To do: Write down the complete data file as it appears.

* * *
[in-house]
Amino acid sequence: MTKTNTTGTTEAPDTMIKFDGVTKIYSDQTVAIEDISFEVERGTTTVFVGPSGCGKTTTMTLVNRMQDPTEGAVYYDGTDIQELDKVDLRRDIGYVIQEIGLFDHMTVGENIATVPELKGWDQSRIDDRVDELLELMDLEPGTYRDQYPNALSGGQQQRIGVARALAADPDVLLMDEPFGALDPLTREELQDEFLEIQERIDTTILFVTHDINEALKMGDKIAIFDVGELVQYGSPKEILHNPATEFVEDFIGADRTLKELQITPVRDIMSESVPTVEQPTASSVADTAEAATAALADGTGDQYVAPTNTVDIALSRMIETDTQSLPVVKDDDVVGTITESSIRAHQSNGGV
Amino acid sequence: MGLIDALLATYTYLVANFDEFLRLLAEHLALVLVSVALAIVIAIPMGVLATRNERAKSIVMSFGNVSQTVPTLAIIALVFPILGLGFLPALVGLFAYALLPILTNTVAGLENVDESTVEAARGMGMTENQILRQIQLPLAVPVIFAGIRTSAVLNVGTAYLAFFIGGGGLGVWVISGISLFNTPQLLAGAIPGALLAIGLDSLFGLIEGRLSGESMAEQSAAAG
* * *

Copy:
[in-house]
Amino acid sequence: MTKTNTTGTTEAPDTMIKFDGVTKIYSDQTVAIEDISFEVERGTTTVFVGPSGCGKTTTMTLVNRMQDPTEGAVYYDGTDIQELDKVDLRRDIGYVIQEIGLFDHMTVGENIATVPELKGWDQSRIDDRVDELLELMDLEPGTYRDQYPNALSGGQQQRIGVARALAADPDVLLMDEPFGALDPLTREELQDEFLEIQERIDTTILFVTHDINEALKMGDKIAIFDVGELVQYGSPKEILHNPATEFVEDFIGADRTLKELQITPVRDIMSESVPTVEQPTASSVADTAEAATAALADGTGDQYVAPTNTVDIALSRMIETDTQSLPVVKDDDVVGTITESSIRAHQSNGGV
Amino acid sequence: MGLIDALLATYTYLVANFDEFLRLLAEHLALVLVSVALAIVIAIPMGVLATRNERAKSIVMSFGNVSQTVPTLAIIALVFPILGLGFLPALVGLFAYALLPILTNTVAGLENVDESTVEAARGMGMTENQILRQIQLPLAVPVIFAGIRTSAVLNVGTAYLAFFIGGGGLGVWVISGISLFNTPQLLAGAIPGALLAIGLDSLFGLIEGRLSGESMAEQSAAAG